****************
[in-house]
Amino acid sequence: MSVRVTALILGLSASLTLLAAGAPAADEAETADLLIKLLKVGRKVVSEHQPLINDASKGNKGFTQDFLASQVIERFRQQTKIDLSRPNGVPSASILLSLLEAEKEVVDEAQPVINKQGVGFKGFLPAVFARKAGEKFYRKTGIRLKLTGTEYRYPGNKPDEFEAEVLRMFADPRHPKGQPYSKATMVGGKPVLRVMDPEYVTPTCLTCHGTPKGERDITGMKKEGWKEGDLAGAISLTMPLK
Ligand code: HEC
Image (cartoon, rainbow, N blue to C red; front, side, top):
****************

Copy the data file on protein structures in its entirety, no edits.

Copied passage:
[in-house]
Amino acid sequence: MSVRVTALILGLSASLTLLAAGAPAADEAETADLLIKLLKVGRKVVSEHQPLINDASKGNKGFTQDFLASQVIERFRQQTKIDLSRPNGVPSASILLSLLEAEKEVVDEAQPVINKQGVGFKGFLPAVFARKAGEKFYRKTGIRLKLTGTEYRYPGNKPDEFEAEVLRMFADPRHPKGQPYSKATMVGGKPVLRVMDPEYVTPTCLTCHGTPKGERDITGMKKEGWKEGDLAGAISLTMPLK
Ligand code: HEC
Image (cartoon, rainbow, N blue to C red; front, side, top):